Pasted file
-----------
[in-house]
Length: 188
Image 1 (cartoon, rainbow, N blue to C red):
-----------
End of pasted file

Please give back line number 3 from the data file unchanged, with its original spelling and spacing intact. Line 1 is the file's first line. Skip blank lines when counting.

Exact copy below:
Image 1 (cartoon, rainbow, N blue to C red):